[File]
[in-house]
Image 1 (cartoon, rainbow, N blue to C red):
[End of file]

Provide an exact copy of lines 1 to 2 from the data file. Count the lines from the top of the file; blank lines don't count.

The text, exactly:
[in-house]
Image 1 (cartoon, rainbow, N blue to C red):